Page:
opinion byBRENDAN FRANK It’s becoming increasingly clear that Swans, Michael Gira’s resurrected experimental rock project, are in it for the long haul. A tremendous influence on the genres of industrial and post-rock during their initial run, they’ve continued to raised the stakes with their return. They made it official in 2010 with the release of the entirely reasonable My Father Will Guide Me up a Rope to the Sky, a suitably bleak 44-minute proclamation of doom.
Around the halfway point of “Bring The Sun/Toussaint L’Ouverture”—a 34-minute track on Swans’ new two-hour album, To Be Kind—the sounds of horses can be heard. They whinny, neigh, and clop in panic. This happens during a lull in the song, a nerve-jangling interlude that makes the noise breakdown in the middle of Sonic Youth’s “Silver Rocket” sound like a kazoo solo.
Swans — To Be Kind (Young God)Three full studio albums into their reinvigorated latest phase, and Swans’ ability to surprise remains as potent as ever To Be Kind might just be the most startling and uncompromising of the trio, although these qualities take time to unveil themselves. The first three tracks sound almost a mile away from the up-front claustrophobic density of predecessor The Seer; they are built around more conventional rock idioms. Opener “Screen Shot” is a moody rocker driven by a repeated bass line, slow-building rhythmic crescendos and Michael Gira’s mantra-like, often one-word, lyrics.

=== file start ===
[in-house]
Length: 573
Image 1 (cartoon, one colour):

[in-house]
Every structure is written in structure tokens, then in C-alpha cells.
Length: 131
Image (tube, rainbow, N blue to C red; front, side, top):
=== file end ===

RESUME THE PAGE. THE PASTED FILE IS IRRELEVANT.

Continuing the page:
"I love you!" reads Michael Gira's address to his listeners, signing off the note announcing the release of Swans' thirteenth studio album. The open warmth of the sentiment might contrast with their agonisingly intense early music, but it captures the most striking aspect of this latest phase of his group's life cycle - its generosity. After a few seconds of near-silence - save filigree-fine electronic tones lingering in the air, eddying gracefully upward like sunlit dust motes caught in a draft - To Be Kind's centrepiece 'Bring The Sun/Toussaint L'Ouverture' explodes to life with a series of cosmic shockwaves, each struck chord's impact greater than the last, causing the atmosphere to tremble around you.
With The Seer, there was a feeling that the “rope to the sky” had been climbed to its last twist. A reminder that rock music still has the capacity to be incredible, Swans’ 2012 epic left the impression that band leader Michael Gira had reached a conclusion in his quest to find his place in the universe. To Be Kind is the wave rolling back, as all that existential rage and cosmic hunger subsides and becomes something different.
This month, in one of several low-risk stunts to promote their new album, “Turn Blue,” the Black Keys circulated a recording of a prank call to the offices of their label, Nonesuch. In it Patrick Carney, the band’s drummer, poses as a hopeful rube: He’s seeking a deal for his New Age act, Quartzazium, and assures the nonplused voice at the other end of the line that the label will want to release “our newest terrestrial feelings album.” Flogging easy targets, flaunting obvious privilege: It’s a smug, juvenile look for Mr. Carney and his only band mate, the guitarist and singer Dan Auerbach, who together have spent much of the last decade lugging the Black Keys from the margins into the mainstream.